Lent is certainly a time to rid ourselves of disordered loves--mortal and venial sins: breaches greater or less against the natural moral law or the law of the Church.  For those starting on the spiritual journey this is the beginning.  An important beginning, but a beginning nevertheless.

But it is a time also to purify our love of God by focusing on those areas where we might motivated by natural loves or degrees of love that could stand purifying.  This, in fact, is the very purpose behind the traditional disciplines of Lent: alms-giving, fasting, and abstinence.

When we give alms, or fast, or abstain from meat flesh, or adopt some other lenten practice we are not getting rid of sinful things, but we are voluntarily sacrificing natural goods we naturally love for motives that are supernatural.  We are giving these things up to develop the second, third, and fourth degrees of love of God.

Lent, therefore starts us on our journey of repentance, but it also seeks to purify our love of God so that ideally, with the help of our God's grace, after Lent we are in some manner more pure in our love of God than before Lent.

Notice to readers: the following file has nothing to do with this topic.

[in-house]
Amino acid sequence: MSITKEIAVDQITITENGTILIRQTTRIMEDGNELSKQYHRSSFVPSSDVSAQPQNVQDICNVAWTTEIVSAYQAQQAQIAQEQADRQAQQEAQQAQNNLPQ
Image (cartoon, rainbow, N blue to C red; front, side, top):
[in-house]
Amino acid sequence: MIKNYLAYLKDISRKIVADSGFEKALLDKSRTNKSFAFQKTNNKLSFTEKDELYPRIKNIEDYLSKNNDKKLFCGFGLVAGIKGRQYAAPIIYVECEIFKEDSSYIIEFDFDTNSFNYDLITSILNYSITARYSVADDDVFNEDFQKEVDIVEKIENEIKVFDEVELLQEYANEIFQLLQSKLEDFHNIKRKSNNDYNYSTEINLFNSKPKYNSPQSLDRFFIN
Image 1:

It is difficult to find a more perfect example of pure love of God than the Spanish love poem--a sonnet--to Jesus Crucified, Jesús Crucificado.  Often, it is wrongly attributed to St. Theresa of Avila, St. Francis Xavier, or even St. Ignatius of Loyola or Pedro de los Reyes, but it appears to have been an anonymous poem.  It bears the sure signs of 16th century Spanish piety, with its typical and healthy emphasis on the humanity of Our Lord, though never forgetting his divinity.

In his reflections entitled More Paradoxes, Henri De Lubac calls this poem a "poetic masterpiece," one "that is the most magnificent expression of pure love."  It is quite similar to, though not exactly like, the lovely Latin prayer O Deus, ego amo te, Oh God I Love you, attributed to St. Francis Xavier and translated by such literary giants such as his fellow Jesuit Gerard Manley Hopkins, or the poets Alexander Pope, or John Dryden.